Sunday, November 11, 1962

Charleston Gazette Mail

Location: Charleston, West Virginia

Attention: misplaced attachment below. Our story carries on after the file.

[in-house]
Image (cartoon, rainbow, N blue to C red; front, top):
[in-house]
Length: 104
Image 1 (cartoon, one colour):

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Charleston Gazette-Mail (Newspaper) - November 11, 1962, Charleston, West Virginia ' � � rrr k V CITY EDITION Ml THE OUTLOOK-Fair and mild, High in the niiddle 60s. More weather datapn Page 16A. ' �. 5 t. vir g i � n .1 a' 'f $ � '; M ,0 S: t if' i: E'T E ,/N s-p. A p-e r with tw O g r r A T MA *J A z in e S and world's b e s t C om I C S (7. S. Guards Against Return OTHER CUBA STORIES: Approval of Ship Check 13C Irked Castro Said Resisting Mikoyan ... page 13C By Jerry T. Baulch WASHINGTON-The count of Soviet nuclear missiles leaving Cuba aboard Russian vessels went on Saturday with 41 of the listed 42 apparently on the high seas. The V. S. Navy made close-up examinations of three merchantmen Saturday following inspection of four other ships Friday-with six to eight missiles identified on the decks of all except two. One apparently was carrying five on its deck and another had no missiles. The Navy was taking no chances that some of the Russian vessels might try, to return to Cuba. ............ The U. S. guided missile warship Dahlgren Indians Will Get Mig Jets Nehru Reports Shift In Russia's Policy NEW DELHI, India -�' VP) - Reporting a slight shift in Soviet attitude, Prime Minister Nehru said Saturday the Russians will send Mig21 jet fighter planes for India's possible use in the undeclared border way with Red China. Nehru told a closed session of a consultative committee of Parliament that a number of the jets would arrive in mid-December. India put iw the order, for the jets long before the Red Chinese opened an offensive Oct. 20 on two fronts in the Himalayas along India's northern frontiers. Six jets were believed to have been ordered for December and six more for delivery at an unspec ified later date. Nehru's statement on the planes, reported to, newsmen by committee members, was the latest from the government on the long-secret jet deal. The Russians, faced with wounding their Chinese ally, were at first reported to have reneged on,1 the order. 1 Moscow newspapers sympathetically supported the Red Chinese in their drives to dc-cupy disputed border areas in the Himalayas. But Nehru told the meeting there had been a shift in Kremlin thinking in India's favor. Committee members did not elaborate on what Nehru had to,say atiout this. There was speculation he was basing his remarks on editorials in Soviet newspapers which have taken a more neutral attitude recently. The Chinese have seized all but (Please Turn to Page 12A Col. 1) trailed a Soviet freighter through the Windward Passage Saturday to be sure there was no turn back. / The Soviet ship was the 12,015 ton Leninsky Komsomol with eight canvas-shrouded long objects on its deck. These apparently were the missiles the Russian skipper exposed to a U. S. check Friday after holding out for six hours against inspection.  When the destroyer Barry inspected the freighter Anosov at dawn Saturday the Soviet skipper refused repeated requests to completely uncover missiles lashed to the,deck. But there seemed no doubt that they were rockets and the Pentagon said the count was carried out "without incident." * -k * THE SOVIET freighter Polzunov, homebound from Havana with five missile shapes on her deck, (Please Turn to Page 12A Col. 1) RED CREWMEN ROLL BACK CANVAS SO U.S. CAN INSPECT MISSILES American Destroyer Barry Rode Along Side (Not Shown) During Inspection -AP Wlnphote irk fnn^rta PART 0F KEY WEST Cuba Threat Now Over ..... O. �. COLAS Right of Way Chief Colan Heads Right of Way O. R. (Dick) Colan of South Charleston, who has been a right of way officer in West Virginia for the U. S. Bureau of Public Roads, has been appointed to head the State Road Commis-sion's newly-created right of way division. Colan has an impressive background in the field of right of way acquisition. Before working wi th the U. S. �' bureau's West Virginia division, he held a similar post with the Pennsylvania division, and formerly was chief right cf way man for the West Virginia Turnpike Commission and assistant chief right of way agent for the State Road'Commission. 1 "" A native of Lincoln, Neb., Colan attended public schools in South Charleston, attended Bethany College, and earned a bachelor of arts degree at West Virginia University before taking a law degree at Georgetown University. Road Commissioner Burl Sawyers said Colan's appointment is part of an announced plan to reorganize the state's largest governmental department. By Max Frankel P 1962, The New York Times Co. WASHINGTON - President Kennedy and his advisers are getting ready to concede a major change this week in the complexion of the Cuban crisis. Though their demands for long-term safeguards against another offensive military buildup in Cuba have not yet been met, there is a growing feeling here that Soviet good faith in withdrawing missiles will have to be acknowledged and that future issues will have to be pressed more directly against Premier Fidel Castro rather than against Premier Khrushchev. This change cannot occur, officials explain, until 30 or more Soviet 1128 jet bombers also arc removed from Cuba, but there was new optimism here this weekend that the Russians will yield on this point also. If they do, the United States will probably agree to. suspend the naval blockade for a period of new negotiations. Intensive aerial reconnaissance of Cuba almost certainly will continue indefinitely. Soviet negotiators at the United Nations have tried to exempt the bombers from the Khrushchev-Kennedy bargain, arguing that they are "obsolete" and, in any case, in Cuban hands. But the U. S. has rejected this argument and insisted that Khrushchev keep his promise to remove whatever weapons Kennedy regarded an offensive. * * * TO BACK UP this demand, U S. negotiators have been quietly Move to Aid Cities Made By Thomas A. Knight warning the Russians that their' failure to recall the bombers would again raise the possibility of a direct confrontation between Soviet and American ships near Cuba since Washington would want to deny the bombers spare parts, bombs and possibly fuel. But if the bombers are removed, there is likely to be much less inclination here to hold Moscow responsible for the rest of BOTH BANK JOB SUSPECTS Fugitive, Girl Nabbed by FBI BALTIMORE-m-Bobby Randell (One Eye) Wil-coxson, sought on both sides of the Atlantic for a series of bank robberies, was arrested with his girl friend Saturday by the FBI in Baltimore. The FBI said Wilcoxson, one of their 10 most wanted fugitives, was arrested with 19-year-old Jacqueline Ruth Rose as the pair stepped out of a house they had rented only last week. Miss Rose also faces bank robbery charges. The FBI believes she drove the getaway car in at least one of the robberies. A third member of the wanted trio, Albert Frederick Nussbaum .Jr., 28, was captured last Sunday The West Virginia League of im Buffalo, N. Y., after a 20- pGazette-Mail Re*A pportionment? What Should We Do About It? -Editorial, J�age 2C The New '63 Autos, In Picture and Story ---Pages 1D*12B Building News Business ,Nev� 10C-12C lip Education News 17A Fall and MM ...... 13A vm.a* .... .a*T S5*f-*;�^ia Columnists ........ 2C, 3C C^*pjliJtjK^I#�W*, , m trials:............ Obituaries tBB*fr.... Your Brldgework 16A 3C 4C-BC . WD Municipalities Saturday adopted a legislative program which, if enacted, would boost considerably the financial stature of the state's 234 local governments. Five of nine proposals endorsed by the league suggest new methods of revenue raising and will be introduced at the next session of the legislature. A sixth proposal, meanwhile, which would permit all municipalities to share in liquor store sales taxes imposed by municipalises where the stores are located, was defeated. , Instead, the league decided only to request the legislature to study methods whereby all local governments can share in either the total municipal liquor sales tax revenues, or profits fjrjwrt'the state's liquor sales,monopoly THE FIVE" PROPOSALS adopted, by the league seek: An amendment to the constitution enabling municipalities to issue general obligation bonds outside the prescribed debt limit for funds to be used on at least a 50-50 matching basis with i e d e r a 1 project funds. ' Increasing the amount of sales tax which municipalities can impose on liquor sales from two per cent to three per cent, thereby equaling the State 'tax. Elimination of state taxes on all gasoline purchases made by municipalities, current at seven cents a gallon. -^Provision for the levying of a; municipal motor vehicles'tax sot to exceed $10. ^Reduction of the electorate approval requirement on bond minute, high-speed auto chase through the downtown area. At a hearing before U. S. Commissioner H. Allen Mczger, held a few hours later merely to establish their Identity and fix bail, Wilcoxson and Miss Rose admitted their identity. Mezger ordered them held in bail of $100,000 each on a bench warrant from Buffalo. Both were taken to the Baltimore city jail. "Nothing to say now," Wilcoxson replied to a question from Mezger, but did say he had been told he would be allowed to telephone a lawyer after the hearing. Wilcoxson wore a blue pullover sweater, olive green slacks and a white shirt open at the collar Miss Rose was wearing corduroy slacks, a sweater with broad blue and white stripes, flat shoes and a kerchief on her head. Wilcoxson, 33, and -Nussbaum also are prime suspects in the record $1%' million haul from a postal truck in Plymouth, Mass., last August.    THE FBI SAID Wilcoxson was armed with a loaded pistol when a squad of agents arrested him and the red-haired Miss Rose as they started to enter an automobile parked across the street from the house they had moyed into last week, "His hair was dyed gray and shaved to give the appearance of baldness." said FBI Director J Edgar Hoover. "He sported a CHARLESTON IA black mustache and wore glasses." Asked If Wilcoxson offered any resistance, one arresting officer said: "He didn't have a chance." The FBI said Miss Rose's 14-month-old son, Kenneth Lewis, was with the couple when they were arrested outside the house. About a dozen children were nearby, some dressed as soldiers and playing war. The house is in a good neighborhood of North Baltimore. The FBI said the couple rented, the row house last Oct. 24 on one of several trips Wilcoxson made from an apartment in Philadelphia where they spent last summer. Hoover said Wilcoxson used the' name of Robert Thomas Bronsofi and Miss Rose the name Gloria Banks in Baltimore, where Wilcoxson posed as her father. IN PHILADELPHIA, they used the names Charles and Barbara Dix while living in a first-floor, rear apartment. Ironically, one FBI man lives (Please Turn to Page ISA Col. 3) the bargain. Khrushchev had pledged readiness to let U. N. representatives "verify" the dismantling of offensive weapons. The Russians appear to have persuaded the administration that they cannot facilitate any inspection of Cuban territory as long as Premier Castro refuses to permit it. v Washington has received no indication of the nature of progress of talks in Havana between Anastas I. Mikoyan, a Soviet first deputy premier, and the Cuban leaders. But Mikoyan is expected to return to New York this week with a claim that the Soviet Union had fulfilled Its pledge and with a demand that the U. S. certify this compliance and register with the U. N. Its own pledge not to invade or abet the invasion of Cuba. If the Russians promise to withdraw the bombers, the U. S. will probably anticipate the Sovi-(Please Turn to Page 12A Col. 2) Four Injured In City Crash Four persons were injured late Saturday night in a screeching two-car crash at Kanawha Boulevard and California Street. Taken to Charleston Memorial Hospital were: j Joe Walker, 59, of Box 1473, the driver of one car, multiple injuries; Geraldine Butler, 22, of 195 { Lovell Dr., the other driver, extent of Injuries unknown, and passengers in the Butler car, Lang Palmer Jr., 19, of 1700 Virginia Ave. E, severe facial lacerations, and Amelia Ryan, 22, of 408 Glen-wood Ave., facial, chest and arm injuries. Hospital attendants said the Palmer youth was the most seriously hurt. Patrolman Jack Kinder said the Walker car .was attempting to make a left turn into California Street when struck by the Butler (Please Turn to Page 12A Col. 3) WEAPONS REMOVED KEY WEST, Fla.-M-Rockets, machineguns and radar equipment began disappearing from a once heavily fortified Key West beach Saturday night. Working swiftly, soldiers had removed at least half of the bristling array before dark. It was not known whether the . weapons were being deployed elsewhere or whether authorities judged there was no further need for them. Barbed wire, still festooned with seaweed washed up by Friday's high tides, was rolled up and trucked away. However, some rockets remained on their launchers behind barbed wire on the waterfront and there was no Immediate indication that the entire installation was to be deactivated. South of the fortified beach, a big seaside hotel was still occupied by the military and the barbed wire barricades which surrounded It remained in place. A soldier helping to dismantle a radar set on the beach waved cheerfully at a passing car. It might have been a gesture of farewell or just a friendly greeting. At the hotel pier, meanwhile, several soldiers were fishing, giving the impression that they had no immediate plans for going anywhere. VERDICT WILDLY CHEERED Jury Acquits All In Mercy Killing LIEGE, Belgium-OT-A 12-man jury, all parents but one, acquitted a young mother, three relatives and their family doctor Saturday In the mercy killing of an armless, 8-day-old thalidomide baby. The courtroom, packed to the walls throughout the five - day trial, rang with cheers. Some women fainted. One woman was injured in the crush of a crowd outside. A Brussels newspaper was on the streets with an extra in minutes after the verdict. A battery of defense attorneys in two days of summation countered prosecution demands for a verdict of guilty appealing to the jury to consider (he killing of 8-day-old | Carinne Vandcput to lie so-| ciety's crime. On this final, tense day, defense attorney Edgar'-Emile Jeu-nehomme made one more appeal to the jury: "You know, as we do, that this trial should also have considered the responsibility of society, science, some doctors and all the merchants of infirmities who should be on the bench of the accused. My client1) are victims of thalidomide . . ." Thalidomide is a tranquilizing drug which has been found to cause deformities in the offspring when given to pregnant women. Mrs. Suzanne Vandcput took it Advertising poster in a bus, inviting people to listen to Cincinnati Reds baseball (Please 7wn to Page 12A CoL ) gorots on a city radio station, ��>> *� it SPORTS BEGINS ON 4C Upset: Marshall, Yes; WW,No Saturday was a day of upsets in major college football play around the nation, but that wasn't quite the story in University Park, Pa. Penn State's Nittany Lions, clawing their way toward post-season bowl money, chewed up the West Virginia Mountaineers as if they were animal food at a circus. Is Huntington, Marshall University's Big Green beat the sabers of Xavier's Musket* eers tea 12-9 upset. Four times in the first half the stubborn Mountaineers turned the Nittany Lions away from the goal line but their determination wilted early in the. third anil Penn State surged forward to an easy 34-6 win. In other upsets, Wisconsin beat No, 1 Northwestern, Syracuse dumped Navy; Purdue defeated Michigan State, Florida State tied Georgia Tech and Oklahoma State squeezed by Army. ? ? ? HERE ARE THE SCORES: Wisconsin 37 Syracuse 34 Purdue 17 Georgia Tech 14 Oklahoma State 12 Oklahoma 41 Penn U Dnke 10 VP! 17 Ohio State 10 Notre Dame 43 So, Calif. 19 Texas 27 Washington 27 Northwestern 6 Navy 6 Michigan State 9 Florida State 14 Army 7 Iowa State 0 Yale 12 Maryland 7 Wake Forest 8 Indiana 7 Pitt 22 Stanford 14 Baylor 12 California 0  7* fair. i 7T during her pregnancy. Her child was born May 22 and died on May 29. THE YOUNG mother admitted she put a barbiturate into the baby's formula. She was charg* ed with homicide. Her husband, Jean, 35; her sister, Monique de La Marck, 26; the child's grand* mother, Fernande Yerna, 50, and Dr. Jacques Casters, 33, were charged with complicity. They were not in court when the verdict was reported by the jury president, but were brought in later to be informed by court president Paul - Emile Trousse, "You are acquitted. You are to be freed immediately." The jury deliberated one hour and 40 minutes to reach its ver* diet. The jury's complete acquittal meant the prosecution, which had suggested a verdict of guilty with leniency, could not appeal. Letters received by the court, newspapers and radio stations during the trial strongly favored acquittal of the defendants. But a high Belgian court official in Brussels disagreed with the verdict. "For me, having killed a child is a crime and there is no excuse for that." he said. "What is to be feared is that other persons will allow themselves, on the basis of (his verdict, to act In the sam way." More than an hour after the acquittal the five left in their lawyers' automobiles, meeting later at a cafe. Dr. Casters was greeted at his home Saturday night by a cheering crowd. He was carried on others' shoulders and flowers were tossed to him and his wife. Their 5-year-old son Philippe was brought from the house and threw himself into the arms oj his weeping father. FALLOUT BOOKS Fallout Shelter booklet* havt been provided with each copy of today's Sunday Gawtte-Mail. If yours is missing or yw would like another copy, addhkraal booklets are yours for the ask* ing at the front desk of our ot> fiees, loot Virginia StJB. 'iV